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Madison v. Cruz

United States District Court, D. Massachusetts

February 13, 2019

TIMOTHY CRUZ, et al., Defendants.



         Linanel Brown Madison (“Plaintiff”) asserts several claims against various Defendants for retaliation after it was revealed that he worked as an informant for law enforcement officials. Relevant to this motion, he brings claims against Plymouth County Sheriff Joseph McDonald (“Defendant McDonald”) in his official and individual capacities for violation of his Eighth Amendment and Fourteenth Amendment rights by failing to provide for Plaintiff's safety (Count VI)[1], negligent hiring, training, and supervision (Counts XIX, XXI), vicarious liability for assault and battery (Count XXV), and intentional and negligent infliction of emotional distress (Count XXXI). Defendant McDonald has moved to dismiss all claims pursuant to Fed.R.Civ.P. 12(b)(1) and 12(b)(6). (Docket No. 24). For the reasons stated below, Defendant's motion is granted in part and denied in part.


          The factual background is taken from Plaintiff's Complaint (Docket No. 1) and assumed to be true at this stage of the litigation.

         Prior to 2015, Plaintiff worked as an informant for the Plymouth County District Attorney's Office (“PCDAO”), the Massachusetts State Police, and the Brockton Police. On July 5, 2015, Defendants Bradley and Cruz revealed to the Boston Globe Plaintiff's identity as an informant and his activities as such.

         When the Boston Globe article was published, Plaintiff was a pretrial detainee at the Essex County Correctional Facility (“ECCF”). After the article was published, other inmates continually harassed Plaintiff, threw urine on him, placed feces in his food, and assaulted him, which resulted in a black eye and abrasions on his face. Plaintiff was subsequently placed in solitary confinement and, upon rejoining the general population, was again assaulted.

         Thereafter, Plaintiff was transferred to the Plymouth County Correction Facility (“PCCF”) where he was again attacked by other inmates. Plaintiff continues to experience blurred vision, difficulties concentrating, migraines, insomnia, and anxiety as a result of the attacks.

         Defendant McDonald is the Sheriff of Plymouth County. Plaintiff alleges that Defendant McDonald failed to protect him from other prisoners while he was in custody at the PCCF.

         Legal Standards

          1. Rule 12(b)(1)

         Pursuant to Fed.R.Civ.P. 12(b)(1), a defendant may move to dismiss an action for lack of federal subject matter jurisdiction. “The party invoking the jurisdiction of a federal court carries the burden of proving its existence.” Murphy v. United States, 45 F.3d 520, 522 (1st Cir. 1995). To determine if the burden has been met, a court “take[s] as true all well-pleaded facts in the plaintiffs' complaints, scrutinize[s] them in the light most hospitable to the plaintiffs' theory of liability, and draw[s] all reasonable inferences therefrom in the plaintiffs' favor.” Fothergill v. United States, 566 F.3d 248, 251 (1st Cir.2009).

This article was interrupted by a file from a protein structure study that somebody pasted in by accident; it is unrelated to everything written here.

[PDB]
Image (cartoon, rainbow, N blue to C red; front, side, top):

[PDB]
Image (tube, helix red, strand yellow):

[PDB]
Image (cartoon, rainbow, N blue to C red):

2. Rule 12(b)(6)

         A defendant may also move to dismiss, based solely on the complaint, for the plaintiff's “failure to state a claim upon which relief can be granted.” Fed.R.Civ.P. 12(b)(6). To survive a Rule 12(b)(6) motion to dismiss, a complaint must allege “a plausible entitlement to relief.” Bell Atl. Corp. v. Twombly, 550 U.S. 544, 559, 127 S.Ct. 1955 (2007). Although detailed factual allegations are not necessary to survive a motion to dismiss, the standard “requires more than labels and conclusions, and a formulaic recitation of the elements of a cause of action will not do.” Id. at 555, 127 S.Ct. 1955. “The relevant inquiry focuses on the reasonableness of the inference of liability that the plaintiff is asking the court to draw from the facts alleged in the complaint.” Ocasio-Hernandez v. Fortuno-Burset, 640 F.3d 1, 13 (1st Cir. 2011).

         In evaluating a motion to dismiss, the court must accept all factual allegations in the complaint as true and draw all reasonable inferences in the plaintiff's favor. Langadinos v. American Airlines, Inc., 199 F.3d 68, 68 (1st Cir. 2000). It is a “context-specific task” to determine “whether a complaint states a plausible claim for relief, ” one that “requires the reviewing court to draw on its judicial experience and common sense.” Ashcroft v. Iqbal, 556 U.S. 662, 679, 129 S.Ct. 1937 (2009) (internal citations omitted). “[W]here the well-pleaded facts do not permit the court to infer more than the mere possibility of misconduct, the complaint has alleged-but it has not ‘show[n]'-that the pleader is entitled to relief.” Id. (quoting Fed.R.Civ.P. 8(a)(2)). On the other hand, a court may not disregard properly pled factual allegations, “even if it strikes a savvy judge that actual proof of those facts is improbable.” Twombly, 550 U.S. at 556, 127 S.Ct. 1955.

         Because Plaintiff appears pro se, we construe his pleadings more favorably than we would those drafted by an attorney. See Erickson v. Pardus,551 U.S. 89, 94, 127 S.Ct. 2197 (2007). Nevertheless, Plaintiff's pro-se status does not excuse him from complying with procedural and ...

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